Sometimes a verse jumps out from the weekly Torah portion, chimes with what we’re living through, meets a spark in our own spirit. That’s how those words from the start of Exodus speak to me now: ‘And Joseph died, and all his brothers, and all that generation.’
They’re all gone now, my parent’s generation, all the relatives amidst whose conversations, half German, half English, half refugee, half British, but always deeply Jewish, I grew up. They lie at peace in Hoop Lane cemetery, or rest, like my father’s sisters, on the Mount of Olives.
But they’re not silent, at least not in this world. They speak to us, our dead, they talk inside us. ‘Live!’ they say, ‘Live!’ They put resilience in our bones; they set their playlist in our soul. There’s nothing morbid or spooky about it; the dead who were close to us in life stay near and dear when they’re gone. The loss of them hurts deeply. But they urge us on. ‘Have courage,’ they say, ‘We’re with you all the way. Love life; live it well.’
Two moments come to my mind whenever I say the prayer carved in stone in every Jewish cemetery, ‘Umekayyem emounato lisheinei afar – Keeping faith with those who sleep in the dust.’ Twice my father, deeply asleep in his last hours, raised himself from his pillows, spoke those words into the ether and collapsed back into the semi-consciousness of his final journey.
It never occurred to me otherwise than that he was speaking to God: ‘Be with me in this boundaryless time-space where you’re taking me.’ They were words of trust and fear in equal measure.
But now it strikes me that I was partly wrong; my father was also talking to me: ‘Keep faith,’ he was saying, ‘keep faith through everything.’
So here, at the beginning of 2024, I walk among them in my mind, the departed, who lived through the Holocaust and the war. I try to listen, to draw courage for this current time of troubles, when Israel, Judaism and so much else seem on the line.
Here by the pathway is Jacqueline du Pre. I played a recording of her Kol Nidrei to Isca, my second mother, in her last hour. Isca adored the cello. The melody descends into the soul, says without words like the Psalmist, ‘From the depths I have called unto you,’ then rises, declaring ‘Seek beauty, aspire; always aspire.’ That’s why Isca loved such music.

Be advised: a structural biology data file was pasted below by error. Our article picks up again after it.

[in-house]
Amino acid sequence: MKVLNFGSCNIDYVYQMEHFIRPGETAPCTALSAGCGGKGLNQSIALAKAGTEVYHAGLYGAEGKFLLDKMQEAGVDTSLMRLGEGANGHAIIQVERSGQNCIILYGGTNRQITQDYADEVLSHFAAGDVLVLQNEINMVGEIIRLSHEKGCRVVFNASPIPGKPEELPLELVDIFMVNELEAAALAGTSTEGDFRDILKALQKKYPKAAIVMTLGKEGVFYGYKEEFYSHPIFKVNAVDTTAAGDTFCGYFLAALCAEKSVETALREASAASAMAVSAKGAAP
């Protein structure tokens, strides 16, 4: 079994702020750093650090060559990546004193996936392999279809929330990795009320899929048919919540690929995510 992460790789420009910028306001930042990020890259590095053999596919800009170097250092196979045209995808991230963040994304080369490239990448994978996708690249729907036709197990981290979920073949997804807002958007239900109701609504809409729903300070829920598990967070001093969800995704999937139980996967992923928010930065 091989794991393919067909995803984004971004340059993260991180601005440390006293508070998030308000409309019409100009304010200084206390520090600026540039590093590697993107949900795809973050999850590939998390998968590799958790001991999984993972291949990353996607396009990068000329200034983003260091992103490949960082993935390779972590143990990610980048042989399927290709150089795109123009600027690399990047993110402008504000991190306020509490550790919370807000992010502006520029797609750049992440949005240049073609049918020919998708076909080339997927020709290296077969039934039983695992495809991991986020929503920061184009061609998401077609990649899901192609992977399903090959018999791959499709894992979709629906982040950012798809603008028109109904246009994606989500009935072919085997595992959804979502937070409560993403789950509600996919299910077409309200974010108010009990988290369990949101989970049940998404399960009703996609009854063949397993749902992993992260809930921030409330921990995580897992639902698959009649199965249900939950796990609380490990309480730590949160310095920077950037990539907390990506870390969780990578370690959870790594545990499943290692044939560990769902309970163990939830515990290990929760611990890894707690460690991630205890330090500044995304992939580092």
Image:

Here, in the same row as my mother and father, lies Leo Baeck, leader of German Jewry in the terrible years, teacher of Theresienstadt. Nothing crushed his spirit, his faith not just in God but in humanity. Not rarely, he recalled, even in Berlin under the Nazis in ’40 or ’41, there would be an egg or apple secretly left by his door. He taught that God is mystery become commandment: what we know from life’s depths must teach us how to act.
And, Adi, my father, who by the age of forty-one had lost his own father, oldest sister, first wife, and three of his favourite aunts and uncles? He still comes into my room late at night, unexpectedly, as he did when I was in my teens, saying ‘Remember: only what’s in your mind can never be taken from you.’ And, since he was a practical person, I hear him say when a chair creaks or a shelf breaks, ‘Repair it, don’t throw it away.’ And, seeing he lived through the cruel years of Israel’s struggle for independence, ‘Be loyal; always stand by your friends.’
These are the secret ingredients of their strength, which, like the unique recipes for cheesecakes and strudels that they refuse to disclose while they’re alive, our forebears bequeath to us after they’re gone.
With them, we turn with gritty faith, resilient hope, and love of life, to face the year ahead.